Imagine for a moment....

Imagine for a moment.....

I see things differently now that I'm an Army wife. I've never been one to like extreme temperatures. I like a nice 60-70 degree F. outside. Anything else I tend to complain about. But it's different now. I'm not saying I still don't complain, I just try to be careful about where I am and who the recipient of my complaint is.

So for just a moment play along. Think of the hottest day of the year. For me in Texas that's around 110-115F. Now go to your stored winter clothes and pull out your warmest outfit and put it on. Don't forget a hat. Find a backpack laying around and fill it with 50-80 pounds of whatever you can find. 10-five pound bags of sugar would be great. Put the backpack on now. Now find a fan and get the gunk from your vacuum cleaner, you know the sand and dust that's in there. Rig it up by the oven so the gunk is blowing in your face. Before you turn the fan on turn on the oven to it's lowest setting and after it preheats turn it off and open the door. Now turn the fan on and and stand there for as long as you can. Bet it's not long. It's not quite realistic, perhaps it's not even close to what our soldiers endure everyday during the hot summer months in the middle east.

When my husband first reenlisted and was in Ft. Sill for a short while I went down to visit him. I don't think I EVER shut up about how hot it was and how miserable I felt. I did not realize how selfish and inconsiderate I was being. Or how very tolerant was my husband was being with me. On one particularly hot day we were walking out of a shoppette and I complained how hot it was. My husband in his gentle way stopped me and pointed out a truck. I'm not sure of what type but it has a canvas cover and rail seats in the back for transporting soldiers. The back of the truck was packed with soldiers, sitting, standing and squatting and more getting in.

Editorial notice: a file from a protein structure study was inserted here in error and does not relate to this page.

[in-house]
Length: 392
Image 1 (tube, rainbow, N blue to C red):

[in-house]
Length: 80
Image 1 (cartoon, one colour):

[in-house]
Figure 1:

Now I'm a little dense at times, especially when I am miserable. He asked me to notice what they were wearing. They were dressed in full battle gear. (The average Army trooper’s gear now approaches 125 pounds. Reference ) Then it occurred to me how completely, totally and miserably HOT they had to be. And not a single one was complaining or fanning themselves. They just dealt with it.

Yes, I was a newbie. Yes, my eyes opened a great deal that day.

I had to go somewhere the other day and it was 102F outside. I grabbed a bottle of water to take with me. I ran into the place for 30 minutes and when I came back out my water could have been used for a cup of tea. It immediately made me wonder about soldiers in the field or on missions and how often they must drink warm water.

They sacrifice so much for us. When you hear of sweat and blood they give, it is no lie. I don't think unless you have been there, a soldier, in their shoes you can fully comprehend. I know I can't. It makes my heart swell with pride for every one of them while at the same time breaking for all they go through.

So this summer when you think about how hot it is, stop for a moment and think of soldier that doesn't get to escape to an air conditioned room when they want or get a cool drink of water when they want. They have to tough it out. Army Strong. And unless you have a bottle of ice water to hand to a soldier in uniform, never tell them how hot it is. Better yet, don't say anything, just offer them the ice water.

Beginning of sandstorm. From my husband, Tikrit 2010.

Soldier in heat and sandstorm.  No credits found.
Reposted from Over 40 Army Wife June 8, 2011. 


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